TIMELINE: Story of controversial SB 1070

Since its inception in 2010, Arizona's immigration law has been met with both support and protests.

Senate Bill 1070 has faced a long road in our state and in battles waged across the nation.

Check out the controversial law's path since its earliest days.


January 13, 2010: Sen. Russell Pearce, who represented District 18 in Mesa, introduces Senate Bill 1070.

April 23, 2010: Republican Gov. Jan Brewer signs SB 1070 into law.

Late April 2010: Four lawsuits challenging the constitutionality of SB 1070 are filed in federal court.

April 30, 2010: Brewer signs Senate Bill 2162, modifying the newly-passed immigration law.

May 1, 2010: Tens of thousands of people demonstrate against SB 1070 in over 70 U.S. cities.

May 17, 2010: Joint class action lawsuit filed in U.S. District Court on behalf of 10 individuals and 14 labor, religious, and civil rights organizations.

July 6, 2010: The U.S. Justice Department files a lawsuit against SB 1070, alleging the law should be declared invalid because it interferes with immigration regulations overseen by the federal government.

July 28, 2010: U.S. District Judge Susan Bolton issues ruling on Justice Department suit, granting a temporary injunction that blocked key portions of the law from going into effect.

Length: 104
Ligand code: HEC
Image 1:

July 29, 2010: Portions of the law not blocked by Bolton's ruling go into effect in Arizona.

November 1, 2010: The Ninth Circuit Court of Appeals hears Arizona's appeal of Bolton's ruling.

February 10, 2011:  Arizona files countersuit against Justice Department, accusing the federal government of failing to secure the border.

April 11, 2011: Court of Appeals upholds Bolton's ruling banning parts of SB 1070 from taking effect.

October 21, 2011: Bolton dismisses Arizona's countersuit.

April 25, 2012: Oral arguments over SB 1070 take place before the U.S. Supreme Court.

June 25, 2012: The Supreme Court strikes down key provisions of SB 1070. The court upheld a provision that allows police to check a person's immigration status in certain circumstances.

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